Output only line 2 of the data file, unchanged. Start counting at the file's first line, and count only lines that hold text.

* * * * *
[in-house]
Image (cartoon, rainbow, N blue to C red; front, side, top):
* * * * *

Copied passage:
Image (cartoon, rainbow, N blue to C red; front, side, top):